Are Dum Dum Girls dead? They certainly look as if they’re hanging in the balance. When frontwoman Kristin Gundred announced her new project, Kristin Kontrol, back in January – one that’s seen her revert to her real name, after going by Dee Dee Penny during the Dum Dum years – she made the curious decision not to leave her old band’s online presence in stasis, or even mothball it, but instead to simply change the name and aesthetic of the Dum Dum Girls social media pages to Kristin Kontrol’s instead. Dum Dum Girls, then, have disappeared, and you’d be forgiven for thinking it’s a deliberately theatrical move, and maybe even a touch presumptuous – “you liked my old band, so you’ll no doubt be into this new one, too.”

In fairness, though, Gundred probably had just cause for doing so; she was, after all, the beating heart of Dum Dum Girls, writing and recording their debut ‘I Will Be’ entirely on her own and continuing to steer the creative vision both in and out of the studio thereafter. Plus, after a stellar run that took in both the superb sophomore LP ‘Only in Dreams’ and the fine EPs ‘He Gets Me High’ and ‘End of Daze’, the band seemed to have finally run out of steam with 2014’s muddled ‘Too True’; it doesn’t seem like coincidence, either, that the album Gundred made with her husband that year under the name Haunted Hearts – ‘Initiation’ – sounded considerably more inspired.

Dum Dum Girls appeared to have ended up in a rut and the best way out of it, Gundred seemed to reason, was a solo reinvention – not just on the surface, but in the studio, too. She always masked her pop sensibilities beneath guitars in her old band, but this new LP as Kristin Kontrol, ‘X-Communicate’, largely eschews the six-string in favour of an electronic approach. On the surface, this is as glossy a record as you’re going to hear all year; it’s a polished affair from top to bottom on the production front, but to pigeonhole ‘X-Communicate’ as Dum Dum Girls gone all-out pop would be to miss the deeper point of what Gundred’s trying to do with this new identity.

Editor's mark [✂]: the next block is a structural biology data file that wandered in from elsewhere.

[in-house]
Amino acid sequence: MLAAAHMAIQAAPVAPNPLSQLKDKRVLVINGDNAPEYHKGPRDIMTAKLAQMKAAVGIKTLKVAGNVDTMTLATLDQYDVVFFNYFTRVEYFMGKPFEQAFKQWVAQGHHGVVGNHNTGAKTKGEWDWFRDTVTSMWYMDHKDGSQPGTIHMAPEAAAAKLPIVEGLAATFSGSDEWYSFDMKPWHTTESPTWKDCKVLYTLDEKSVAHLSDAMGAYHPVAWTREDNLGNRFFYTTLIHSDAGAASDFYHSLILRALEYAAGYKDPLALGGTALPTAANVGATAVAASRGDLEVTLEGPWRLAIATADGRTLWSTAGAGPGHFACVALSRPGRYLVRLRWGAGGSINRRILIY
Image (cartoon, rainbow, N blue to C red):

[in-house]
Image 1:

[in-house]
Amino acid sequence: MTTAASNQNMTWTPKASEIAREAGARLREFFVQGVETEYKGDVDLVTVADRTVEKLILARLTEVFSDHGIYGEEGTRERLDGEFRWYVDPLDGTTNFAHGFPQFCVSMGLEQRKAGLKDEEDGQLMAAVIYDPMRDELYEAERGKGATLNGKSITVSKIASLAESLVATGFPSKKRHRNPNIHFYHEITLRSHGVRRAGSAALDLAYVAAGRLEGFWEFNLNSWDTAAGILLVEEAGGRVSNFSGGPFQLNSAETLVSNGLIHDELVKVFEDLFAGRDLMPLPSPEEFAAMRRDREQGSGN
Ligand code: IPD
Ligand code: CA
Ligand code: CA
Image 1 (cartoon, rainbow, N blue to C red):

This is an album littered with deft touches and nuances, with the assured pop front that Gundred puts up cleverly disguising the breadth of her musical tastes. She flits between styles smartly, never sacrificing cohesion; ‘(Don’t) Wannabe’ is a slice of synthpop that’s virtually chart-ready and she pairs dramatic harmonies with a killer hook on ‘Drive the Night’, but those cuts are set against the likes of ‘Face 2 Face’, all choppy menace, and the dreamy ‘Going Thru the Motions’. The title track brings out most clearly the krautrock influence that Gundred flirts with throughout the album, with the guitar only ever being used for colour and punctuation. In fact, if there’s one key thread linking these songs together – other than the consistently strident vocals, easily her most confident to date – it’s the percussion, the thumping electronic beats that dictate the pace throughout. That’s probably the most compelling evidence that Gundred understands the new direction she’s taken, and isn’t just trying a new guise on for the sake of it; ‘X-Communicate’ would’ve been seen as too much of a stylistic divergence had it been released as a Dum Dum Girls record, but as a personal rebirth, subject matter and all? It fits the bill very neatly indeed.